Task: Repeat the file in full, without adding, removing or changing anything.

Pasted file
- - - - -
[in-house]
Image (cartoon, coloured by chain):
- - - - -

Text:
[in-house]
Image (cartoon, coloured by chain):